I find many Civil War battlefields to be extremely helpful in understanding what war was actually like. Go to Fredericksburg and stand behind the low wall at Marye’s Heights and look out over the slope that the Union troops had to cross and you understand why they lost. The site of Pickett’s Charge at Gettysburg has the same effect. Go to the Wilderness and stand ten people in a row in the woods and try to march forward in a straight line, and you can see why battles so quickly devolved into confusion. For me, actually being at the site makes the troop movements more concrete and human, and creates sympathy for the ordinary men on both sides who fought and died. These were not people abstractly debating principles of freedom — this is freedom being wrested out of blood. It also makes you listen to discussions of “states’ rights” today with a little more disgust for the way that politicians who have no idea what their words involve toss around the ideas that caused the whole bloody mess in the first place.

  • Eric, I’ve visited Gettysburg and Concord, and would like to offer my observations.

    At G-burg, things can be very quiet and very reverent. I think most people understand the great tear in the fabric that the Civil War was and why the Rebel flag is not only a symbol of racism, but also of people who are willing to see their brethren die for money.

    At Concord, it’s a very different mien. The field is much smaller, for one thing, and people are much more likely to be conversant and to be happy. Here’s a field where our nation was birthed, where our lives were irrevocably improved by freedom and liberty, where brave patriots died not for a buck (altho there was an economic aspect to it) but for the concept that a man should have a say in how he’s governed. It’s not a happy place, to be sure, but the mood is much lighter.

    • rea

      Heck of a lot fewer people killed at Concord, which makes a difference, too.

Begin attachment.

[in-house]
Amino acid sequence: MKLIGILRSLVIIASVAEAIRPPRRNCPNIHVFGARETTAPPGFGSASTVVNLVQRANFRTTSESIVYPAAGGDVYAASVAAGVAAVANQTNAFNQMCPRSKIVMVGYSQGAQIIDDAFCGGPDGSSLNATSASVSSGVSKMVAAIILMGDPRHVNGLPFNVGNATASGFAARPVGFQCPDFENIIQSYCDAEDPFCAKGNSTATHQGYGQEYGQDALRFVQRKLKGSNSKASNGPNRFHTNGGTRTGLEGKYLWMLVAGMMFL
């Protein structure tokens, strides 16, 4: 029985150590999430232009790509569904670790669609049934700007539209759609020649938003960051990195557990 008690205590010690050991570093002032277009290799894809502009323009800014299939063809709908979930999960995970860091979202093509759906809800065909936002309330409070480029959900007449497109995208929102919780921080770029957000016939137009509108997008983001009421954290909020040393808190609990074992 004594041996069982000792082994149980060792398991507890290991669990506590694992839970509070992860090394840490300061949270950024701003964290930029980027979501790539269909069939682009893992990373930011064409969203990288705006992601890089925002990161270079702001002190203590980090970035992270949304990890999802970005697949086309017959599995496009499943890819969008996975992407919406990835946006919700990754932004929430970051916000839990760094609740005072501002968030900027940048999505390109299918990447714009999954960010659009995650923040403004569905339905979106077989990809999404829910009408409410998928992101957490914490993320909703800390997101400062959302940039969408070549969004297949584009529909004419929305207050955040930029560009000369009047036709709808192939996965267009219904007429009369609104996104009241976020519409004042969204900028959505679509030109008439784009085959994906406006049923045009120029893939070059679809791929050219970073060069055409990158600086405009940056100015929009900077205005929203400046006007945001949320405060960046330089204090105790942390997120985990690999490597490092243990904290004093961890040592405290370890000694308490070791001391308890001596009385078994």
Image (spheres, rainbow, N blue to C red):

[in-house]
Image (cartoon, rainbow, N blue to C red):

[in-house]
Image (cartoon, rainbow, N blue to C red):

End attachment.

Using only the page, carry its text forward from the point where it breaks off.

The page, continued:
• Ronnie P

      Concord was more of a skirmish than a battle.

  • Eric, for us longtime readers, I don’t think you need to remind us you don’t like military history.

    • Long-time readers should become acquainted with K.

      • dangermouse

        You spell Keric’s name RIGHT, darn you

    • I do need to remind you that I am going to write about whatever the fuck I feel like writing about.

  • c u n d gulag

    I’ve been to several Revolutionary and Civil War battle sites, and while I appreciate seeing the physical places where the battles took place – it gives me a better understanding of what everyone from the Generals on down were looking at, it’s the cemeteries nearby which speak louder to me.

    Especially the graves where the names, dates, and any epitaph’s that were written, have worn off over time.

    That now anonymous grave holds what’s left of a person who loved, and was loved – and died in battle. And now, no one knows, or remembers, who that poor person was.

    • Stag Party Palin

      In the long run, we’re all dead. In the longer run, we’re all forgotten.

      • c u n d gulag

        I know.
        But there’s something about a washed-out tombstone that really brings that home.

        I realize that there are monuments at Cheops for the Pharaoh’s – and none for the workers/slaves.
        But it’s all sad just the same.

        There are few of us that affect the future.
        So, I suppose I cry for us – the ones who won’t be remembered.
        My own 86 year-old father is dying. He’s the smartest man I ever met (and I taught at a college), with a great sense of humor. I honor his life.
        But after I’m gone, and my sister and her children/his grandchilren, and their children (if they have any) who will remember him?

        Or me – who’s NOT one of the smartest people I’ve ever met – or worthy of remembering.

        Dying pretty much anonymously – it’s all a part of life.
        And no one can remember all of the living, let alone the dead.